On Monday 16 November, we sent the following e-mail to Dr. David Duncan, Dr. Adrian Lee, the Vice-Chancellor, the President of the GSA, the President of UCU, and the editors of Nouse and York Vision.
We are writing to bring your attention to our open letter to Dr. David Duncan and Dr. Adrian Lee concerning the university’s intention to mark International Men’s Day, and our objections to this decision and the manner in which it was framed in the university’s press release. The original statement can be read here. At the time of writing, the open letter has just under 200 signatures from staff, students, and alumni of the University of York.
We were contacted directly by David Duncan over the weekend, before this open letter was published. His e-mail states ‘I am sorry that this has caused unhappiness for some members of the University community to felt that the statement was inappropriate and should never have been issued,’ and closes ‘We will certainly reflect on the views expressed in the open letter and I expect think twice about marking future Men’s Days. We will also consider whether it would be helpful to revise the statement in order to make its core purpose clearer, or perhaps to withdraw it altogether.’ We attach the full content of his response to this e-mail.
We notice – although we have not been contacted directly by the university – that the original press release has now been withdrawn, and David’s e-mail to us posted on the University website. Neither text, however, clarifies whether or not the university will reconsider marking International Men’s Day on Friday 19 November, or addresses our call a ‘full account of the means by which a decision to promote men’s issues in this way was reached by the Equality and Diversity Committee. Nor do they acknowledge the reputational damage caused to the University by associating itself in this way with radical ‘men’s rights activist’ groups, or apologise for the use of dubious scholarship in the claim that women are advantaged in hiring processes. We are pleased to hear that the University has withdrawn the statement, but await further updates on the issues raised above.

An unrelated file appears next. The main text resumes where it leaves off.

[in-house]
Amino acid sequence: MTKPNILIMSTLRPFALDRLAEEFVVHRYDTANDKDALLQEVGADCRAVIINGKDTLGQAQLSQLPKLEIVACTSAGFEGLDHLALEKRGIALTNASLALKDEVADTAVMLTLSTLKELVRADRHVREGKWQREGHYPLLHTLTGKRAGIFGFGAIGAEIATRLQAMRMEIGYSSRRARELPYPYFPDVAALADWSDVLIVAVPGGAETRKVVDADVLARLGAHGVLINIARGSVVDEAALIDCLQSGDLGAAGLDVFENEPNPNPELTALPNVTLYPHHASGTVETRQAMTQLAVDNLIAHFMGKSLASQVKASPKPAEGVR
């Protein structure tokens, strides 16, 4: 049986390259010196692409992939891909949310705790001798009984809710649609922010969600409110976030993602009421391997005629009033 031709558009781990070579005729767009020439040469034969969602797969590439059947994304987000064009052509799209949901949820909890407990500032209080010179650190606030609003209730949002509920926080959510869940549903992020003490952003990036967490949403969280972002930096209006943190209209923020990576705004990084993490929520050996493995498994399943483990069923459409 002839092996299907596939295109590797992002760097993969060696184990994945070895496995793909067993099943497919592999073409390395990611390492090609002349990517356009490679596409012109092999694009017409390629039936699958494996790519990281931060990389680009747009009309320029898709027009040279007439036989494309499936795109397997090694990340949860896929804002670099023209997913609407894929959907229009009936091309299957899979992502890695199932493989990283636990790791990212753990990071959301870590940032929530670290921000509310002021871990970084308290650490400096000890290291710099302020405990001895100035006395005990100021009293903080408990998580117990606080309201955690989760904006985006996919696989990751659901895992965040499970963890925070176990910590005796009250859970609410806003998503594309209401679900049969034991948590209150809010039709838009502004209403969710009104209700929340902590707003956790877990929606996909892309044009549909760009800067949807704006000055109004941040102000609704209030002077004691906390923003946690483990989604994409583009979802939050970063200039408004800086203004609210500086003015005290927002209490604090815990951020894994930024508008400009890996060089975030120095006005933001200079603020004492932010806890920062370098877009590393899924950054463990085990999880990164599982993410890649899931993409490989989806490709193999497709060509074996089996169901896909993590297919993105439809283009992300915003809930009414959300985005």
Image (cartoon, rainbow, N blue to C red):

We also believe that the university should reflect on and take steps to rectify the reputational damage caused by its support for this controversial event.
We look forward to a further response.
Staff and students from the University of York
The updated statement can be read here.
David Duncan’s e-mail to us (sent on Sunday 15 November) is as follows:
I am writing in response to the open letter regarding the press release issued to mark International Men’s Day (19 November).
I am sorry that this has caused unhappiness for some members of the University community who felt that the statement was inappropriate and should never have been issued. The intention was to draw attention to some of the issues men tell us they encounter and to follow this up by highlighting in particular the availability of mental health and welfare support which we know men are sometimes reluctant to access.
The Equality and Diversity Committee is clear that the main focus of gender equality work should continue to be on the inequalities faced by women, and in particular the under-representation of women in the professoriate and senior management. We believe that we can make meaningful progress in addressing these issues, while at the same time addressing other aspects of the equality and diversity agenda. To this end, we are putting in place new structures to extend and strengthen our approach to the Athena Swan awards, which provide a framework for our work on gender equality.
We will certainly reflect on the views expressed in the open letter and I expect think twice about marking future Men’s Days. We will also consider whether it would be helpful to revise the statement in order to make its core purpose clearer, or perhaps to withdraw it altogether.
With best wishes.
Chair, Equality and Diversity Committee